Developers snub Vista in favour of XP

Developers snub Vista in favour of XP

Summary: A survey has found a large majority of developers writing applications for Windows are ignoring Vista in favour of XP or older versions of the Microsoft operating system

TOPICS: Tech Industry

A survey has found an overwhelming majority of developers writing applications for Windows are ignoring Vista in favour of XP or older versions of the Microsoft operating system.

The survey, released by US research firm Evans Data Corp, found only eight percent of the 390 developers who responded are currently writing applications for Vista, while over half have continued to target XP.

Vista may yet make strides against XP in the coming year, with 24 percent expressing their intentions to target the OS in 2009, and 29 percent expecting to continue with XP.

"We've seen a very big 'wait and see' approach with Vista, and with all the mistakes Microsoft has made in regards to it things aren't looking too good at the moment," said Joe Sweeney, advisor at analyst group IBRS.

Sweeney told that other recent figures have shown only around 25 percent of businesses globally have plans to even trial Vista.

"The new operating system has had more than its share of problems and the desire to move from XP on the Windows platform is still lagging — that coupled with interest in alternative operating systems is suppressing development activity and that in turn will further erode Vista's acceptance," John Andrews, president and chief executive of Evans Data, said in a statement.

IBRS's Sweeney claimed one of the major problems developers have had to overcome when working to build applications for Vista is its new security model — otherwise known as user account control (UAC).

"UAC may go down as a massive step forward in security some day, but most developers consider it a nightmare at the moment," he said. "To get any application running seamlessly on Vista a developer has to have a solid understanding of UAC," he said.

However, Sweeney said the survey may not bode as ill for Vista as it might first appear.

"Developers don't really target an operating system per se," he said. "They'll start with a version of .Net architecture or some other platform and then work over to the operating system... so by the time you get to Vista things can be two or three steps removed from the developer's initial layout," he said.

Topic: Tech Industry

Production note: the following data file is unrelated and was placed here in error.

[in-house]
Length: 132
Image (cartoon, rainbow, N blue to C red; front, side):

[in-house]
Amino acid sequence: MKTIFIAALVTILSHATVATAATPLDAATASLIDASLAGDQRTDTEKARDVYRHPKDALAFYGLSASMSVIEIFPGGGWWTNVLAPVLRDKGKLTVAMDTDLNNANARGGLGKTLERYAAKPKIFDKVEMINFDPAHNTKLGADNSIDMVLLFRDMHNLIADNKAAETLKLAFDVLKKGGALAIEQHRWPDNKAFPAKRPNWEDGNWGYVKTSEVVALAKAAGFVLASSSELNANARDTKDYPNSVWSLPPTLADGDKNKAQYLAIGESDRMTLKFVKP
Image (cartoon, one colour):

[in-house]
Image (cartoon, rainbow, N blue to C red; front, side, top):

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  • What is it about UAC that makes Vista so difficult?

    I'm not a Windows programmer, so I am genuinely curious: why is UAC proving to be such a nightmare? Other operating systems have security models, so what is so different about Vista's?
  • What's so bad about Vista?

    These days it seems all news concerning Vista is bad news, even Microsoft seem to be giving up with the uncharactaristic announcement of Windows 7, personally, having used it for over 6 months i'd say its not that different from XP but at the same time I haven't had any problems with it (maybe that's because it came with a brand new laptop).

    As for developers, it'd be a mistake to ignore Vista given that most new machine run on it whether customers like or not.
  • Developers snub Vista in favour of XP

    From what I have read about the UAC, it is an extremely complex application, and requires many more lines of code for it to do its job effectively. It came on my laptop and I replaced it with PCLinuxOS after 2 days because it pops up asking "are you the one who initiated this action?", for things I would consider redundant, and unnecessary.
    I think they could have made it much simpler by asking for a root password when administer rights are required. Now M$ is blaming users for infections when they created this mess themselves.
  • Everything

    Sure they start with Vista but how long is that going to stay installed... Me thinks not very long!! Reaching for XP install disc...

    Vista is for losers... I will wait till Windows 7 when M$ will have learnt from this monumental ****up...

    Bob Wya
  • Vista experience

    I purchased a Vista laptop computer some 10 months ago. I experienced lots of problems and irritations which were not resolved by carrying out several time consuming recoveries. So I installed XP and have no desire to try and revert to Vista on that computer.

    However, I have just set up a friend's newly purchased Vista laptop, slightly lower specification than mine, and found that it runs so much better than mine did. I conclude that the hardware design and drivers are now catching up with the requirements of Vista.

    So I conclude that Vista did come to market before the hardware could properly support it and that this is a major factor in such universal complaint about Vista.

    On the subject of the supposed green credentials of Vista, I find this a ludicrous suggestion when adoption of Vista requires so much otherwise unecessary expense and investment in new hardware, hardware which also requires more power to perform.
    The Former Moley